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大阪市 · Osaka City
Osaka Castle
Official seal of Osaka
Location of Osaka in Osaka Prefecture
Location of Osaka in Osaka Prefecture
 • MayorIchirō Matsui
 • Prefectural governorIchiro Matsui in office since November 27, 2011
 • Total223.00 km2 (86.10 sq mi)
 (January 1, 2012)
 • Total2,871,680
 • Density13,000/km2 (33,000/sq mi)
Time zoneUTC+9 (Japan Standard Time)
- TreeSakura
- FlowerPansy
Phone number06-6208-8181
Address1-3-20 Nakanoshima, Kita-ku, Ōsaka-shi, Ōsaka-fu

Osaka (大阪) is the capital city of Osaka Prefecture[1] which faces Osaka Bay and the Seto Inland Sea.[2]

Osaka is in the Kansai region. It is the economic and cultural center of the Kansai region.

Since 1980 it had been the second largest city in Japan.

It is a city designated by government ordinance in Japan.[3]

Osaka is surrounded by Hyōgo Prefecture, Kyoto Prefecture, Nara Prefecture, Wakayama Prefecture.

History[change | change source]

Sometimes it is called by its historical name Naniwa.

Because it is by the sea, it is good for transportation. That is why an ancient emperor made Osaka the capital city. In the early part of the 8th century Naniwa was one of capitals of Japan. In the middle of the 16th century Toyotomi Hideyoshi founded Osaka castle and governed Japan in Osaka. The basis of development of Osaka was prepared in those times. Osaka castle was destroyed once by Tokugawa Ieyasu but Ieyasu choose Osaka as one of the political centers in the Western Japan. He made Osaka a direct dominion of the shogun. During the Edo period Osaka was a center of commerce, finance, pharmacy and other products. It was a center for literature and theater. Kabuki in Osaka is as famous as Kabuki in Edo and Kyoto. It is also known for bunraku (a traditional puppet theater) and manzai (a kind of stand-up comedy).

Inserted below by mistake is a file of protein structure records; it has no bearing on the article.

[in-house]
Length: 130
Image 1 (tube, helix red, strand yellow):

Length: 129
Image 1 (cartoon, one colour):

Traditional Osaka food dishes include okonomiyaki (pan-fried batter cake) and takoyaki (octopus dumplings).

In this region, many people speak a dialect called Osaka-Ben (e.g. "ookini"="thank you").

After the Meiji restoration Osaka was modernized and industrialized. It was a center of Japanese industry. After the World War II its economical importance was relatively less because Tokyo grew as an international city and many companies moved their headquarters to Tokyo. But Osaka is still a large, important city.

Sightseeing spots[change | change source]

Seasonal spots

Sports[change | change source]

Football clubs in Osaka[change | change source]

Baseball teams in Osaka[change | change source]

Mind sports in Osaka[change | change source]

References[change | change source]

  1. Nussbaum, Louis-Frédéric. (2005). "Ōsaka" in Japan Encyclopedia, p. 759.
  2. Nussbaum, "Ōsaka-fu" at p. 759.
  3. Buhnik, Sophie. "From Shrinking Cities to Toshi no Shukushō: Identifying Patterns of Urban Shrinkage in the Osaka Metropolitan Area," Berkeley Planning Journal, Vol. 23, No. 1 (2001), p. 135 [PDF 4 of 24]. Retrieved 2012-12-2.

Related pages[change | change source]

Other websites[change | change source]

  • Media related to Osaka at Wikimedia Commons
  • Osaka travel guide from Wikivoyage